Pop! Goes the Weasel
Pop! Goes the Weasel is an interactive installation that plays with the tensions between the body, the fluidity of identity and wireless Radio Frequency Identification (RFID) technology. The projected video loop juxtaposes the disconcerting surgical implantation of an RFID microchip into my hand with intimate and seductive stroking of the implantation site. The two microchips, as seen in the x-ray image, each have a unique identity and their implantation into the same body represents a system-confusing blur of identity. I use the body as a site of experimentation to question issues of surveillance, identity and privacy in a time of exponential growth of the data-body.
Pop! Goes the Weasel is an interactive installation using Radio Frequency Identification (RFID) to track visitor/participants as they move through the installation. Identities are blurred as RFID tags are shared. The significance of the collected data is shifted as visitors repeatedly have access to and alter the database. This installation aims to remind participants of the ubiquity of surveillance structures and to encourage visceral responses to potential future modes of surveillance. Visitors are given the opportunity to practice intervention in, and subversion and avoidance of RFID surveillance as possible forms of resistance.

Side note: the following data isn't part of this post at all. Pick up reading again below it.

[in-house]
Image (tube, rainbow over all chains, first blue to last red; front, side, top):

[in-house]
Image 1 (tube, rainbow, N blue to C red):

From closed circuit TV and video monitoring, email and social media snooping, tracking through credit card usage and location mapping via GPS features of cell phones; surveillance is omnipresent. It may not be the act of surveillance but rather the collection, storage and use of our ‘data identities’ in a centralized database that presents the greatest threat. Who will have access to the database, how will the data be used, how will people be protected from data profiling and marginalization?
This work led to the later development of Exchange project
Associated published essays “Resisting Surveillance: Identity and Implantable Microchips” and “What do we get...”
ISEA: Nagoya, Japan, 2002